The record of the suit against the city was offered in evidence, and established the existence of the nuisance, that the injured person was not guilty of contributory negligence, and the extent of the damage, the defendant having had notice of the trial with opportunity to appear and defend: Phila. v. Bergdoll, 252 Pa. 545, 548; City of Bradford v. Barry, 254 Pa. 303, 306. But the record of that trial did not establish that defendant was responsible for the nuisance. It, therefore, became necessary to a recovery in this suit, to show that defendant owed some duty which had not been performed, the breach of which caused the damage.
As we understand it, the trial court held defendant responsible, not by applying the general rule that an occupant of land abutting on the street is liable to third persons, but on the ground that defendant was within the provisions of an ordinance imposing liability.
Appellant claims immunity on the ground that the owner was in possession and in control of the building, and that appellant was merely a tenant of part of the interior, and that the nuisance resulted from a structural defect on the exterior, which it was the duty of the owner to repair, and with which the defendant had neither right nor duty to interfere. It also denies that it is within the scope of the ordinance.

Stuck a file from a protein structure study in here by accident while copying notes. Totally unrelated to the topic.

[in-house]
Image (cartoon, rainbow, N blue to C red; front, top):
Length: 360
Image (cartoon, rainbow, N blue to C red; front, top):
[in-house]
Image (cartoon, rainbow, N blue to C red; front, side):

We shall consider both branches of that defense. The general rule at common law is that the occupant of land, whether owner or lessee, is held responsible for its condition. Bears v. Ambler, 9 Pa. 193; Reading v. Reiner, 167 Pa. 41, 43. It is also settled that "...... when premises are in good repair at the time they are let, and the landlord is not bound by the lease to keep them in repair, the tenant in possession, and not the landlord, is liable for an injury resulting from the failure to repair the pavement in front of the premises"; Lindstrom v. Penna. Co., 212 Pa. 391, 393. As the owner in this case resided on the land, she is not within the rule of immunity applied in Lindstrom v. Penna. Co., but remains liable even though a tenant occupied part of the building. The inquiry then becomes whether the tenant of the front room and basement is also liable. There is no evidence that the tenant has failed to perform any obligation to his lessor. The owner occupied the building and by the terms of the lease retained control of it and agreed to repair. The icy sidewalk resulted from a defect in a structural appliance on the outside wall of the building, of which the owner had exclusive control.